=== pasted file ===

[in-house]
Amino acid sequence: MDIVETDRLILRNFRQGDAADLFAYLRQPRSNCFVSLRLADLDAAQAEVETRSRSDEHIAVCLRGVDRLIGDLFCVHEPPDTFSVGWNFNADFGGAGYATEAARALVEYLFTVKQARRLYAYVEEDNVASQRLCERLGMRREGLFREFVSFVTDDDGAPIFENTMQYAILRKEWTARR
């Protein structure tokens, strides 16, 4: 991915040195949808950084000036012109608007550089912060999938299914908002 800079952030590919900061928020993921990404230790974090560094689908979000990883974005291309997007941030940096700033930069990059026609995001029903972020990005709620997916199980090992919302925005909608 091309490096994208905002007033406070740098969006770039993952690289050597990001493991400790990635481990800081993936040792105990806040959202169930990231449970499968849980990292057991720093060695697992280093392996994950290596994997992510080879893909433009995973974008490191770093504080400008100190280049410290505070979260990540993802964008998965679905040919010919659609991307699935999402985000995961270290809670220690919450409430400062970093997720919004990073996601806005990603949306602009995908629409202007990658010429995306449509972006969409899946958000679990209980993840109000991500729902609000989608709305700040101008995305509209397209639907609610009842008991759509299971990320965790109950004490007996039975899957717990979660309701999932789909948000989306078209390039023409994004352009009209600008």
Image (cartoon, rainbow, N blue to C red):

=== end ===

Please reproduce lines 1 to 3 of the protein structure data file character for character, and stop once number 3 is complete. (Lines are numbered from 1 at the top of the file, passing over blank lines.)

[in-house]
Amino acid sequence: MDIVETDRLILRNFRQGDAADLFAYLRQPRSNCFVSLRLADLDAAQAEVETRSRSDEHIAVCLRGVDRLIGDLFCVHEPPDTFSVGWNFNADFGGAGYATEAARALVEYLFTVKQARRLYAYVEEDNVASQRLCERLGMRREGLFREFVSFVTDDDGAPIFENTMQYAILRKEWTARR
């Protein structure tokens, strides 16, 4: 991915040195949808950084000036012109608007550089912060999938299914908002 800079952030590919900061928020993921990404230790974090560094689908979000990883974005291309997007941030940096700033930069990059026609995001029903972020990005709620997916199980090992919302925005909608 091309490096994208905002007033406070740098969006770039993952690289050597990001493991400790990635481990800081993936040792105990806040959202169930990231449970499968849980990292057991720093060695697992280093392996994950290596994997992510080879893909433009995973974008490191770093504080400008100190280049410290505070979260990540993802964008998965679905040919010919659609991307699935999402985000995961270290809670220690919450409430400062970093997720919004990073996601806005990603949306602009995908629409202007990658010429995306449509972006969409899946958000679990209980993840109000991500729902609000989608709305700040101008995305509209397209639907609610009842008991759509299971990320965790109950004490007996039975899957717990979660309701999932789909948000989306078209390039023409994004352009009209600008």